Building the networks of the future

As consumer needs and requirements evolve and as interest in emerging technologies grows, what are telcos doing to provide the backbone
Joanne Carew
By Joanne Carew, ITWeb Cape-based contributor.
Johannesburg, 26 Apr 2023
Schalk Visser, Cell C.
Schalk Visser, Cell C.

South Africans are spending more time online than every before. In fact, over the last decade, internet traffic in South Africa has grown by around 500 000%. This leap can largely be attributed to changes in the type content users consume, such as a big increase in high definition video streaming. And with the rise in future technologies promising to transform everything from entertainment and training to workplaces and healthcare by making it possible for people to connect in new and different ways, the amount of capacity that network operators need to provide is only set to climb.

But this doesn’t necessarily mean that local telcos need to rush out and build super-fast, advanced networks right away, says Spiwe Chireka, a telecoms industry expert. “We must remember that relevant supply drives demand,” she says. According to Chireka, the market in Africa is always driven by the three A’s; availability, accessibility and affordability. All three must co-exist in order for anything to really take off and, at present, when it comes to many of the sexy emerging technologies that are making news headlines, they don’t.

Mark Walker, associate VP for sub-Saharan Africa at the IDC, shares this sentiment. Using the metaverse as an example of the future of the internet, he says that this immersive world and its related technologies are still very incipient. He cites the gaming segment as one area where we can already see real use cases for highly immersive, virtual environments. “Business will only invest in something if it is going to help them make money. So, at the end of the day, gaming may be showcasing what can be done in the metaverse but currently the use cases are still far too specific.”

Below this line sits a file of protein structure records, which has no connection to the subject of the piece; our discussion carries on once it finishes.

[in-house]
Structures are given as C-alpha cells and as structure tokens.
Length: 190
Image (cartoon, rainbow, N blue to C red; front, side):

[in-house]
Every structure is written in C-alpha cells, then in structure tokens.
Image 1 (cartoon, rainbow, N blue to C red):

As telcos start investigating what they need to do to move from being a traditional communication provider and become a communication technology provider, they are longer just be providing the plumbing, they will also be adding value to that plumbing and, thus, expanding the use of this plumbing.

But this doesn’t mean that local telcos aren’t making moves to ensure that their networks are ready for the technologies of the future. Schalk Visser, CTO at Cell C, says its focusing on partnerships, both with enablers and content. Modern telcos are working to better understand their customers’ core requirements so that they can tailor their offerings to address these needs. “By adding to the ecosystem and providing the services that our customers want and need, we can open up a lifetime of value for our existing, as well as our prospective customers,” he says. In this way, new and emerging technologies provide an incredible opportunity for telcos to tap into new markets and play further up the digital value chain, he says.

“As telcos start investigating what they need to do to move away from being a traditional communication provider and toward becoming a communication technology provider, they are no longer just offering the plumbing, they are also adding value to that plumbing and, thus, expanding the use of their plumbing,” says Walker. “In this way, they are moving from being a communication or connectivity provider to becoming a full digital services provider.”

The role of 5G in our digital future

While current 5G networks serve as a solid foundation for the innovations of the future, the high-performance networks needed to enable this will be powered by 5G Advanced – which is expected to strengthen 5G by improving speed coverage, mobility and power efficiency – and 6G. Offering significantly higher bandwidth, super-fast data speeds and extremely low latencies, the emergence of 5G Advanced and 6G will enhance use cases for more advanced connectivity.